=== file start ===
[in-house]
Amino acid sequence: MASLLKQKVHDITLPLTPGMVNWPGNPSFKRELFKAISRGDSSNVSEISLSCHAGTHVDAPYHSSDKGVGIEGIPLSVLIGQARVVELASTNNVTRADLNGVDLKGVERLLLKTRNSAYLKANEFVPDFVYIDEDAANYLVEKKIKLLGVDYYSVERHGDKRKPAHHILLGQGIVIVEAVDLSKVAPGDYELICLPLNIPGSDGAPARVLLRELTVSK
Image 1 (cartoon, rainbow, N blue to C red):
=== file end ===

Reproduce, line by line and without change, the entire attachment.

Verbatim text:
[in-house]
Amino acid sequence: MASLLKQKVHDITLPLTPGMVNWPGNPSFKRELFKAISRGDSSNVSEISLSCHAGTHVDAPYHSSDKGVGIEGIPLSVLIGQARVVELASTNNVTRADLNGVDLKGVERLLLKTRNSAYLKANEFVPDFVYIDEDAANYLVEKKIKLLGVDYYSVERHGDKRKPAHHILLGQGIVIVEAVDLSKVAPGDYELICLPLNIPGSDGAPARVLLRELTVSK
Image 1 (cartoon, rainbow, N blue to C red):